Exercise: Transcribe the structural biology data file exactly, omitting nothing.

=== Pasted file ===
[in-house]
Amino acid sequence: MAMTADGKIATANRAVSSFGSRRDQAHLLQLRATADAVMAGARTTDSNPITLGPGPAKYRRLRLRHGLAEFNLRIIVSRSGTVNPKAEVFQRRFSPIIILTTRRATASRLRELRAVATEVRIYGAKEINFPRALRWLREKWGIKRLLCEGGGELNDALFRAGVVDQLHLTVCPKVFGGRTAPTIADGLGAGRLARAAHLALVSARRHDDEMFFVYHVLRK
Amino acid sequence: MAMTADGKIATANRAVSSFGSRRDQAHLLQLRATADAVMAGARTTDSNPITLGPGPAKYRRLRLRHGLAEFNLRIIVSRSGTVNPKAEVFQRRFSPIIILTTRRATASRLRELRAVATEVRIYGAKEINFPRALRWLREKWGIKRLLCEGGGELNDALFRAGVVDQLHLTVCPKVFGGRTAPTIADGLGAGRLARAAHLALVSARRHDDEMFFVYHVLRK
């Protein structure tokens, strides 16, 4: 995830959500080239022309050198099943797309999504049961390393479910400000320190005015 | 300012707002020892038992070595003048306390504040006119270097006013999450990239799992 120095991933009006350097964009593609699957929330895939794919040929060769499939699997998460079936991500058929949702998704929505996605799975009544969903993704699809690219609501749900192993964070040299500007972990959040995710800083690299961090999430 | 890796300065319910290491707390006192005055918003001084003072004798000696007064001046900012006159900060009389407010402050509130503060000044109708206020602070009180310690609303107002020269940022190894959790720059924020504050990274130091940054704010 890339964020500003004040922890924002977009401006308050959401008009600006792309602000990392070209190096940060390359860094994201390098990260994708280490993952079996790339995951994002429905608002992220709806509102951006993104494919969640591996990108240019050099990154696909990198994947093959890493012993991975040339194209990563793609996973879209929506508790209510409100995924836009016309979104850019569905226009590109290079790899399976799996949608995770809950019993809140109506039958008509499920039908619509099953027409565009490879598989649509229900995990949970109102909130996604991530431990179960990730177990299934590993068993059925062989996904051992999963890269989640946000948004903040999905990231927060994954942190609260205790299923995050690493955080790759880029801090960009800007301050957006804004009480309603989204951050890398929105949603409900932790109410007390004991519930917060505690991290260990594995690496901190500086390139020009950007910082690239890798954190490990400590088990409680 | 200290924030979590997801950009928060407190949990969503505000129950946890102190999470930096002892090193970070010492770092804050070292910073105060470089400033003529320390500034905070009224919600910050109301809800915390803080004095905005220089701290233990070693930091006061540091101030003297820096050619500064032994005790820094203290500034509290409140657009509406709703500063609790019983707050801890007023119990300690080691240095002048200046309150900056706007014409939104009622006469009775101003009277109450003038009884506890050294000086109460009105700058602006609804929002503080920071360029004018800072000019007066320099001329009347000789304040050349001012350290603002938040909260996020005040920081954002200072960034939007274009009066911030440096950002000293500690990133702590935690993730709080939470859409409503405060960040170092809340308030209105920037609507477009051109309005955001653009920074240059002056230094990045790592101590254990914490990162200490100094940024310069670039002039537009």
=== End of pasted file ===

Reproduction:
[in-house]
Amino acid sequence: MAMTADGKIATANRAVSSFGSRRDQAHLLQLRATADAVMAGARTTDSNPITLGPGPAKYRRLRLRHGLAEFNLRIIVSRSGTVNPKAEVFQRRFSPIIILTTRRATASRLRELRAVATEVRIYGAKEINFPRALRWLREKWGIKRLLCEGGGELNDALFRAGVVDQLHLTVCPKVFGGRTAPTIADGLGAGRLARAAHLALVSARRHDDEMFFVYHVLRK
Amino acid sequence: MAMTADGKIATANRAVSSFGSRRDQAHLLQLRATADAVMAGARTTDSNPITLGPGPAKYRRLRLRHGLAEFNLRIIVSRSGTVNPKAEVFQRRFSPIIILTTRRATASRLRELRAVATEVRIYGAKEINFPRALRWLREKWGIKRLLCEGGGELNDALFRAGVVDQLHLTVCPKVFGGRTAPTIADGLGAGRLARAAHLALVSARRHDDEMFFVYHVLRK
């Protein structure tokens, strides 16, 4: 995830959500080239022309050198099943797309999504049961390393479910400000320190005015 | 300012707002020892038992070595003048306390504040006119270097006013999450990239799992 120095991933009006350097964009593609699957929330895939794919040929060769499939699997998460079936991500058929949702998704929505996605799975009544969903993704699809690219609501749900192993964070040299500007972990959040995710800083690299961090999430 | 890796300065319910290491707390006192005055918003001084003072004798000696007064001046900012006159900060009389407010402050509130503060000044109708206020602070009180310690609303107002020269940022190894959790720059924020504050990274130091940054704010 890339964020500003004040922890924002977009401006308050959401008009600006792309602000990392070209190096940060390359860094994201390098990260994708280490993952079996790339995951994002429905608002992220709806509102951006993104494919969640591996990108240019050099990154696909990198994947093959890493012993991975040339194209990563793609996973879209929506508790209510409100995924836009016309979104850019569905226009590109290079790899399976799996949608995770809950019993809140109506039958008509499920039908619509099953027409565009490879598989649509229900995990949970109102909130996604991530431990179960990730177990299934590993068993059925062989996904051992999963890269989640946000948004903040999905990231927060994954942190609260205790299923995050690493955080790759880029801090960009800007301050957006804004009480309603989204951050890398929105949603409900932790109410007390004991519930917060505690991290260990594995690496901190500086390139020009950007910082690239890798954190490990400590088990409680 | 200290924030979590997801950009928060407190949990969503505000129950946890102190999470930096002892090193970070010492770092804050070292910073105060470089400033003529320390500034905070009224919600910050109301809800915390803080004095905005220089701290233990070693930091006061540091101030003297820096050619500064032994005790820094203290500034509290409140657009509406709703500063609790019983707050801890007023119990300690080691240095002048200046309150900056706007014409939104009622006469009775101003009277109450003038009884506890050294000086109460009105700058602006609804929002503080920071360029004018800072000019007066320099001329009347000789304040050349001012350290603002938040909260996020005040920081954002200072960034939007274009009066911030440096950002000293500690990133702590935690993730709080939470859409409503405060960040170092809340308030209105920037609507477009051109309005955001653009920074240059002056230094990045790592101590254990914490990162200490100094940024310069670039002039537009």